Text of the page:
WA Research Council looks at striking growth in state property taxes

It seems like a long time since Washington lawmakers struggled with the state Supreme Court’s order to fully fund basic education. In fact, it’s not been so long. The court agreed that the state was had achieved compliance in June 2018. And a big part of the state’s compliance involved raising the state property tax.

The Washington Research Council looks at just how much that decision has affected state property tax collections. The accompanying graphic, reproduced below, is striking.


That spike in property tax collections is remarkable. The WRC writes,

The chart shows the growth in revenues from FY 2000 from each of these sources. Revenues from the state property tax grew slowly but steadily through FY 2017. Then, they jumped by 31.4% in FY 2018, 21.8% in 2019, and 6.2% in 2020. Now, state property tax revenue growth since 2000 is 168.5%—that’s higher than the other two top tax sources, and higher than the growth of all state tax revenues. (Growth in B&O tax revenues is a still high 149.8%.)

As alluded to in our opening, the WRC points out the McCleary effect.

The substantial property tax growth is due to the changes to the tax that were made as part of the state’s response to the McCleary decision on school funding. We described the changes in our 2020 report on McCleary. The state property tax increased to $2.70 per $1,000 of assessed value in calendar year (CY) 2018, decreased to $2.40/$1,000 in CY 2019, and increased to $2.70/$1,000 for CY 2020 and 2021. The Legislature also suspended the statutory property tax growth limit of 101% from CY 2019 through CY 2021.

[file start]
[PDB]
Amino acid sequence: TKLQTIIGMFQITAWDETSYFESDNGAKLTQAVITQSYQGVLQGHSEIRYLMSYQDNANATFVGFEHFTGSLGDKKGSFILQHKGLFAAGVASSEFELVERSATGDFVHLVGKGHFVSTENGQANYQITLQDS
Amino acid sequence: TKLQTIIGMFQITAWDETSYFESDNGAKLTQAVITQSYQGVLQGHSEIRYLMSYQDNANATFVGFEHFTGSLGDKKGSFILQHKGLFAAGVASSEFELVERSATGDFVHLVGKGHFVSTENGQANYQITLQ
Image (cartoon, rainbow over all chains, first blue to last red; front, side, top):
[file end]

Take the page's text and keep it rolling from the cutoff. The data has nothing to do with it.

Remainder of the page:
In another post, we reported the Tax Foundation analysis that found Washington’s effective property tax rate on residential property was 0.84%, ranking the state 27th in the nation. That was for 2019. Notably, that was for the combined state and local property tax. The WRC post focuses on the state-only property tax. Also, we’d add that, even before the McCleary response, Washington relied on property taxes to support the state budget to a far greater extent than most other states. In 2016, property taxes made up 9.3% of state tax revenues; for all states combined, property taxes amounted to just 2.0%.